Introduction and Interview Gabrielle de la Cruz
Images Ang Ating Mga Kayamanan sa Bakuran Team
Gold is a transition metal. Scientifically, it can bond with other elements without reacting to most chemicals. A similar concept happens when gold is used in art. The substance can be manipulated into different forms, but its striking presence remains.
Repoussé artist Jandy Carvajal maximizes the aureate appearance of brass in his current exhibition, Ang Ating Mga Kayamanan sa Bakuran. He presents a collection that is reminiscent of gold medals to highlight a mundane subject: vegetables. A total of 15 pieces are adorned with patterns of produce such as ampalaya, kangkong, and malunggay, which are commonly grown in domestic spaces.
Curated by Alain Zedrick Camiling, the exhibition which opened last July 5 is a dialogue on the interconnectedness of man’s needs and desires. The juxtaposition of gold-plated brass and everyday glow food underscores the value of resources. In line with the celebration of nutrition this July, Ang Ating Mga Kayamanan sa Bakuran showcases a unique play on the good-old “health is wealth” principle. It is a fitting display of how artistic growth allows one to touch on economic issues such as the threat of hunger and malnutrition amidst an ongoing pandemic.
Below is Kanto’s conversation with Carvajal and Camiling, where we discuss the exhibit, their creative beginnings, artistic ideals, and their hopes for the art industry moving forward.
Hello Jandy and Alain! How are the first few days of the exhibit? Are there any interesting anecdotes or observations from guests so far?
Jandy Carvajal: People are coming in installments, which is good, so there is enough time and space for them to observe the works, which are small-scale and detailed. We were able to set up within a day, but preparations and coordination, including the production and planning, took us months. It’s heartening now that we hear how the exhibit is well conceptualized and that the works are beautiful.
Alain Camiling: One common impression we get from our visitors is that the works are presented like jewelry. We are happy about this as we want to highlight that vegetables are as precious as luxurious objects. We are also overwhelmed by the support we are getting from local media.
In addition, we have mounted a repoussé workshop with select participants. IATF protocols were observed, of course. We worked with a cohort of 9 individuals engaging with the academe and with the creative industries sector during the 2nd day of the exhibition.
Can you share with us how Ang Ating Mga Kayamanan sa Bakuran came about?
Carvajal: I submitted an exhibition proposal to NCCA in 2021 upon seeing their call online. Acknowledging that we were still in a pandemic then, I decided to expand a series of brass repoussé works that I began creating in 2020, a few months after the hard lockdowns. The series reflects on that difficult time when access to food was limited, and their high value became more salient. The golden brass discs emphasize how precious their subjects are.
The series began when backyard farming gained popularity as a prudent response to restricted mobility, limited resources, and the need to eat healthier for stronger immunity. In November 2021, NCCA notified me that my proposal was approved, and so I promptly researched the other vegetables I would depict. I initially thought of expanding the series to just ten works, but momentum and inspiration in the coming weeks allowed me to produce a total of 15 pieces, depicting a variety of common vegetables in the Philippines, some of which are not included in the Bahay Kubo song.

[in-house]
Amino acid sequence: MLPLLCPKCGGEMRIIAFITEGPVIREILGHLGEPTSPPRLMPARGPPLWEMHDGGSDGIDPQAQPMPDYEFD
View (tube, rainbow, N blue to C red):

I guess it was also quite organic that vegetables became my subject since I have always been drawn to botanicals. I have had 2 solo exhibits showcasing flowers, one show featured indoor plants, and several of my other works have plant motifs.
Alain, may we ask how you and Jandy know each other? What sparked your interest in his body of work?
Camiling: From 2020-2021, I worked as an adjunct researcher at the University of the Philippines Baguio’s Fine Arts Program where I assisted faculty members to research and develop learning and instructional modules for various courses under the program. I reported to Jandy, who served as program coordinator for Fine Arts apart from former department chairperson Rachel Pitlongay. In between, I also served as an adjunct lecturer before working full-time for De La Salle- College of Saint Benilde Manila’s Arts Management Program.
In November 2021, I served as assistant curator and arts manager for Ibagiw Art Festival’s Alimuom Visual Arts Exhibition led by Fara Manuel-Nolasco, where Jandy was a participating artist.
Perhaps what sparked my interest in his work is the sheer interconnection with the quotidian, the subtlety of it. Lately, I have been fascinated with the mundane and its littlest of things, including how we approach it. It seems that there are things that we often overlook and forget. I often look into our lived experiences and how these are shaped by many quotidian ecologies through materiality and gestures and manifestations of viscerality.
Carvajal: I am actually glad that I tapped Alain to be curator and writer for the exhibit. He provides a fresh way of presenting and viewing my metal works. He was co-curator of a group show I previously participated in. His dedication as a collaborator is solid.
Speaking of metal works, can you tell us more about your exploration of repoussé? Do you remember the initial moment you decided to pursue this approach to sculpture?
Carvajal: I have always been fascinated with the repoussé adorning Catholic sacramentals. Much like jewelry, the embossed metal sheets are art forms themselves, complementing the saint statues and their custom clothing. It was in grade six art class that I was ushered into trying this technique using aluminum protective sheets. I remember making more than the required number of pieces because I really enjoyed seeing my chosen motifs instantly emerging as low reliefs from the malleable material, whose color and luster resembled silver. It was amazing to see how the ordinary material got transformed and suggested high value by simple manipulation using improvised tools such as ball pens.
In 2009, after a series of museum visits where I saw examples of repoussé on prehispanic Philippine gold artifacts, I got inspired to re-explore the technique. I gained momentum to produce many pieces for exhibitions moving forward. My re-explorations using aluminum eventually led me to try brass, the material for this show.